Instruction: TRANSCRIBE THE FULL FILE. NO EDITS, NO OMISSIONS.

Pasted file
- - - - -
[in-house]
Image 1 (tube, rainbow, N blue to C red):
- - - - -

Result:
[in-house]
Image 1 (tube, rainbow, N blue to C red):